At this point it is safe to change the DNS records to those specified by the new web host. It is worth repeating that you should ensure that your website content is still available on the older server — this means you should have two copies of your data, one on the older web hosting provider and the other one on the newer hosting provider. This way, should there be any delay in domain name propagation, your website will still be accessible to visitors and search engine crawlers on the older server. In other words, there will be no “server not found” error messages.
In addition, you should refrain from making changes to your site at both providers until you are certain that the domain name has fully propagated.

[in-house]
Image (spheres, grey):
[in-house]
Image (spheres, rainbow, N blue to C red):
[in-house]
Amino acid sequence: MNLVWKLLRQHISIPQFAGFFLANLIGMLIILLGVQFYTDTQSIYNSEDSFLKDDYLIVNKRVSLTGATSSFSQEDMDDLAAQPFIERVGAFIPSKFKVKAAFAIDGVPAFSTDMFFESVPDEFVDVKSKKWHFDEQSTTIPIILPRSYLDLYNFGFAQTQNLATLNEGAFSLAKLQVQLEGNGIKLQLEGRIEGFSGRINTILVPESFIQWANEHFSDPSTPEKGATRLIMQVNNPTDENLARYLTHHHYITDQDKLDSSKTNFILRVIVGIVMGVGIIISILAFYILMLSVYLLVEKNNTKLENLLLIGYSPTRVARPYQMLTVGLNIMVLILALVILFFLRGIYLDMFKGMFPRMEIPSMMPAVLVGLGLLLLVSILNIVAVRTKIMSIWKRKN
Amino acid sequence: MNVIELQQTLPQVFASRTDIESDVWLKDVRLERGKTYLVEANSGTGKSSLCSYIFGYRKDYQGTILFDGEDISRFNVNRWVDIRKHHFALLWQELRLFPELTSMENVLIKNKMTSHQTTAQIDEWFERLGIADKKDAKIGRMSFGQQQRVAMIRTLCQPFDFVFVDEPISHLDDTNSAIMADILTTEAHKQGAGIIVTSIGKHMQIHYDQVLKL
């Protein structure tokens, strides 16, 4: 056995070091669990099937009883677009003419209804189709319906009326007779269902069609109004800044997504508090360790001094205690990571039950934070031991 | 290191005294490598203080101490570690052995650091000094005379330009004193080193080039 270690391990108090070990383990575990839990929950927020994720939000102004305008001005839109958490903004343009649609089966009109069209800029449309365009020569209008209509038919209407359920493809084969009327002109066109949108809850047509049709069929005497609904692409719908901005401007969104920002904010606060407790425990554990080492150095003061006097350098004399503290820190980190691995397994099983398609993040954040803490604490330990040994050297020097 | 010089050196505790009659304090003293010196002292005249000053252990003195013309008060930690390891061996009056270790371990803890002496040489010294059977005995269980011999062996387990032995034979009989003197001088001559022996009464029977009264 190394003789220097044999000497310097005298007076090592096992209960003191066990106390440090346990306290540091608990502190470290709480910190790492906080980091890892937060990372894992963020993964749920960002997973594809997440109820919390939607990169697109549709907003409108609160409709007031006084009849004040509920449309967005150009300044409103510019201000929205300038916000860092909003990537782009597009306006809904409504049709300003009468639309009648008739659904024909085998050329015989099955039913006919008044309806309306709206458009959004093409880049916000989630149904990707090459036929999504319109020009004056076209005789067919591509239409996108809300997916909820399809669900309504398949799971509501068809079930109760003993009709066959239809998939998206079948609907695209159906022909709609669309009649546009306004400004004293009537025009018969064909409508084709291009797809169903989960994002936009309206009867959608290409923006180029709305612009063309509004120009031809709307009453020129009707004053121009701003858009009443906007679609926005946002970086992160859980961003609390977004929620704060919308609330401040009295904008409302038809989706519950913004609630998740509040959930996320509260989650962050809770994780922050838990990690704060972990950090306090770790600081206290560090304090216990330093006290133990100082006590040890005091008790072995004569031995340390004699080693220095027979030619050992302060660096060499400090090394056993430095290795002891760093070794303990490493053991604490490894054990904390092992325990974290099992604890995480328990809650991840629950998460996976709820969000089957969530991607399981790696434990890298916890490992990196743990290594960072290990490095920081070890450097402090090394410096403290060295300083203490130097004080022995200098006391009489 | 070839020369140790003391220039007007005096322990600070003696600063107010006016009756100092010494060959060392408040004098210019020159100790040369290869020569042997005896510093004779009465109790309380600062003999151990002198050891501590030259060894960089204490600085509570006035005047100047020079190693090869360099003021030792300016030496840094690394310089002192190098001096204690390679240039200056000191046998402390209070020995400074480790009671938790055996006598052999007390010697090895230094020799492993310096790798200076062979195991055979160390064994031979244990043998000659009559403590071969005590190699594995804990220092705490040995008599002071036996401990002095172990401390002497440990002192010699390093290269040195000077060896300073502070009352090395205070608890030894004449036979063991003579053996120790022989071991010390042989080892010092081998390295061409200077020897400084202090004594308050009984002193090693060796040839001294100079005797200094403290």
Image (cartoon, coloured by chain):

As can be seen, migrating to another web hosting provider is not as tricky or complicated as it might sound. For cPanel users, life is rather easy. For other control panel users as well, there are plugins and tools available that can help get the job done in a lesser amount of time.
We’ve migrated thousands of websites and provide free migrations when you sign up. If you have any questions we’re here to help.
There are many types of web hosting plans offered by hosting providers. When you add in the marketing terminology, it can become very confusing and difficult to compare. In this information blog post, we’ll try to help you better understand the various types of hosting services so you can make an educated decision based on your web hosting needs.
Designed for small to medium websites.
Can have multiple websites under one account.
If one site is compromised the other sites can become compromised.
Designed for larger websites.
Can be more cost and time effective than a Virtual Private Server (VPS). You manage your website and the provider manages the OS (patching, administration, security, etc.).
If one site is compromised, the other sites can become compromised.
Designed for multiple websites owned by different people or businesses.